About Donna

Donna Schwartze is the bestselling author of Eight Years, The Only Reason, Wild Card, Truth or Tequila, and The Runaway Bride of Blitzen Bay. She is a graduate of the University of Missouri School of Journalism. She also holds a Master of Arts from Webster University.

Originally from Jefferson City, Mo., Donna now lives in Kansas City where she runs a management company for professional athletes. Donna is an avid yogi and plans to still be able to do the splits on her 100th birthday.

Contact Donna at donnaschwartzeauthor@gmail.com.

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Q&A With Donna

When and why did you start writing?

I’ve been writing all of my adult life—first in journalism school and then in corporate communications. I started writing fiction when we got locked down in early 2020 because of the Covid pandemic. Writing a novel provided a lovely way for me to get lost in another world for a while and forget about all the craziness that was going on in the real world. By August 2020, I had published my first book, Eight Years. Now, I’m hooked on writing fiction!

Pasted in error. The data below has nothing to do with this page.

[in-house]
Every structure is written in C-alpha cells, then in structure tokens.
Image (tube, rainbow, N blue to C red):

What was the best advice you received as a new author?

I read The Artist’s Way by Julia Cameron before I started writing. It was inspiring in so many ways. I’m paraphrasing, but one thing she said was to write something you would enjoy reading yourself. The fiction books I love to read are heavy dialogue. As a reader, I get lost in a lot of description. I was worried that my readers wouldn’t like the format, but they love it. The comment I get the most is that my books are a “fast read.” That’s exactly what I wanted. As a reader, I love a book that I can’t put down.

Your books feature very strong female protagonists. Is that important to you?

Definitely. For the genre, I believe in an alpha male. I think it works in fictional romance and certainly adds a lot of steam. But I needed to even out that bravado with an equally strong female character. One of my reviewers of The Trident Trilogy said “Personally, I appreciated the strong female character, who wasn’t afraid to use her sexuality.” That’s exactly how I wanted readers to feel about Millie.

Have you always wanted to be a writer?

Yes, but I’m not sure I realized it. From a very young age, I’ve had stories swirling around in my head. When I was growing up, I didn’t know being a writer was a way to make a living. I was raised to be practical—get a “real” job. I followed that playbook for fifty years, until I finally decided to be impractical. I wrote my first book when I was over 50. It’s really never too late. I have five books out now and plan to be writing well into my golden years.